•What You Need to Get Started with iPhone Development
•How to store your app data in a Model
•How to use Table Views – including adding and deleting rows
•How to create a detail view for a row
•How to support both Portrait & Landscape orientations
•How to use Navigation Controllers
•How to use an Image Picker
•How to use common controls such as a text field, button, and image view
•How to add icons and default images
•Bonus: How to handle long-running operations
It sounds like a lot, but don’t get scared – we’re not afraid of no bugs!
In this first part of this three part series, we’ll cover how to load our model with a list of bugs and display them in a table view.
This tutorial is for beginner iOS developers, however it assumes you are familiar with Objective-C and programming in general. If you are new to Objective-C, I recommend reading Apple’s Objective-C Programming Language Guide first.
What You Need
First things first – to develop for the iPhone, you’ll need a Mac. Pretty much any Mac will do, as long as it’s powerful enough to run the latest version of the Mac OS, Snow Leopard. But if you’re looking to go the cheap route, you can pick up a Mac Mini for relatively cheap, and it works just fine for a development machine.
Next, you’ll need to get a copy of XCode, Apple’s IDE for iOS development. So if you haven’t already, register for a free account at the iPhone Dev Center and download a copy of XCode.
If you’d like, you can sign up for the paid iPhone Developer Program that allows you to distribute your apps on the App Store, but if you just want to try out iOS development the free account works fine.
If you get serious about iOS development, you’ll probably want physical device(s) (iPhone/iPhone 4/iPod Touch/iPad) as well. It’s true that you can do a lot of testing with just the Simulator, but there are some APIs that don’t work on the Simulator, and you’ll need a physical device for performance testing.
That’s it – so if you haven’t already, grab a copy of XCode, fire it up, and let’s continue on!
Hello, Table View!
We’re going to start out by using one of the most common controls on the iPhone – the Table View. You’ve probably seen the Table View in a lot of apps already, here are a few examples:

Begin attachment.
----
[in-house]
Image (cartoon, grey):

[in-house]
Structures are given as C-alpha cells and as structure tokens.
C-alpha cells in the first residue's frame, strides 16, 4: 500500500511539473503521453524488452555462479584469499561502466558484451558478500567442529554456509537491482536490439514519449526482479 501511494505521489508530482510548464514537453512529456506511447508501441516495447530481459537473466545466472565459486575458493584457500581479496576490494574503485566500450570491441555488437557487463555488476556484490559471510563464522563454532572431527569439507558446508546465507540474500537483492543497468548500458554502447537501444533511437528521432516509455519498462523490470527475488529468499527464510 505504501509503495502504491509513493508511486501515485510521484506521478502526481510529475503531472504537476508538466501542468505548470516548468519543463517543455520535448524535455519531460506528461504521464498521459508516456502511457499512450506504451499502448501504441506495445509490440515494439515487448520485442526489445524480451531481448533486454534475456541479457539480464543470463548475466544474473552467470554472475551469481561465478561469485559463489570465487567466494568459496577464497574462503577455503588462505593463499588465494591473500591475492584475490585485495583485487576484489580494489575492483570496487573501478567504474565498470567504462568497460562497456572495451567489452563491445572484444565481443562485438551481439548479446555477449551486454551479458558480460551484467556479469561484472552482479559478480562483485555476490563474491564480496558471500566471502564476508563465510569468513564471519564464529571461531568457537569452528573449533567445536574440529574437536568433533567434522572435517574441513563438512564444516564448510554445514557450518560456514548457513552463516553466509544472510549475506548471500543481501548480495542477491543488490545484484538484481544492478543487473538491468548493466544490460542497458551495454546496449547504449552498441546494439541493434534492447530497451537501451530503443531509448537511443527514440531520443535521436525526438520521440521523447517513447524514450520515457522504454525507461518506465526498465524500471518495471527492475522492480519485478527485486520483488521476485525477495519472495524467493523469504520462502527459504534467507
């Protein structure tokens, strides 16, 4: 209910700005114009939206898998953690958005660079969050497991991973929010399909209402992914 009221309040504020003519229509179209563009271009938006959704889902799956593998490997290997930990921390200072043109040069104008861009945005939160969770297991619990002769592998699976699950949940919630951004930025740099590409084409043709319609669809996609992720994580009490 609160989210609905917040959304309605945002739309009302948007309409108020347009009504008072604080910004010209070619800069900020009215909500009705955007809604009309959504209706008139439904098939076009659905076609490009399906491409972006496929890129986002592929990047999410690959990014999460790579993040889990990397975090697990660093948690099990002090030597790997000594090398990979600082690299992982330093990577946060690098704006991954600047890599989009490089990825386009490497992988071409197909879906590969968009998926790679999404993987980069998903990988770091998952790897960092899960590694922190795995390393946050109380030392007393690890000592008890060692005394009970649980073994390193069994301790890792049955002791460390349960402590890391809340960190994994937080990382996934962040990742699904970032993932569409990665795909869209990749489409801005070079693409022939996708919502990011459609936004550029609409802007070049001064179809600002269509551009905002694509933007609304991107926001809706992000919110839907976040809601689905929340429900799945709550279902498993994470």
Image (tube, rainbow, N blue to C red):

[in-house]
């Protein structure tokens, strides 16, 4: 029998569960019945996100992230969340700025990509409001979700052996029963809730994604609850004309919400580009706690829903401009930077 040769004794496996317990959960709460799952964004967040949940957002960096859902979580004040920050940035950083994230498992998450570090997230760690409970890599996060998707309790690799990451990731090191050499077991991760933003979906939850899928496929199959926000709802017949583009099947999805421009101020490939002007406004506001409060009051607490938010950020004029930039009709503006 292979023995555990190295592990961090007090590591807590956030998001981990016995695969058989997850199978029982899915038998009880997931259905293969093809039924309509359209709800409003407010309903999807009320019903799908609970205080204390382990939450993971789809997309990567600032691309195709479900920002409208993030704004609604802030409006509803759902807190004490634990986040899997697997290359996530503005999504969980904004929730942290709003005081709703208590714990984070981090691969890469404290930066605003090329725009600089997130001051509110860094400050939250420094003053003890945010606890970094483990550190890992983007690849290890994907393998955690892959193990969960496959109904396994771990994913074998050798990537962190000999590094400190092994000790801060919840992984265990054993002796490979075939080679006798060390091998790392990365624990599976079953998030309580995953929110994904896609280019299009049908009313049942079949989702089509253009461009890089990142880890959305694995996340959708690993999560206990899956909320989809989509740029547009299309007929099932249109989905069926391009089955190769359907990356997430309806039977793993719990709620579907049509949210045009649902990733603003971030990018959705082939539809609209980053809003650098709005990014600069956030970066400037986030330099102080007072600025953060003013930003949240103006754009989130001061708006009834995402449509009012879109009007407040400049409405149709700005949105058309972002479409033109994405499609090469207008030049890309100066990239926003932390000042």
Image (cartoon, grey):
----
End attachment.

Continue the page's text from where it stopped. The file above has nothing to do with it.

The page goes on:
So anyway, our first screen in the app will have one of these, to display a list of scary bugs!
Let’s get started by going to File\New Project in XCode, choose Application under iPhone OS, Navigation-based Application from the list on the right, and click “Choose…”:
Name the project ScaryBugs and click Save. And before we do anything else, let’s check out what we’ve got so far! In the toolbar at the top of the screen pick Simulator from the list, then go to Build\Build and Run. If all goes well, you should see the following in your simulator:
So as you can see, we already have a working project to start from since we chose the Navigation-based Application template. We’re not going to dig into the template since that’s beyond the scope of this tutorial, but just notice that we have an empty table view all set up for us and ready to go – we just have to fill it in with data!
So to do that, let’s create a class to keep track of our scary bugs.
A Scary Data Model: Organization
Notice how there’s a hierarchy of folders in the Groups & Files section of XCode:
The template comes set up with several groups – Classes, Other Sources, Resources, etc. These groups are just for organizational purposes, so feel free to change them however you want. In our case, we’re going to have a fair number of files in this project, so let’s organize things a bit.
First, rename the existing group named “Classes” to “View Controllers”. You can do this by right clicking on the group, clicking “Rename”, and naBy dark dragun December 19th, 2012 at 06:10:36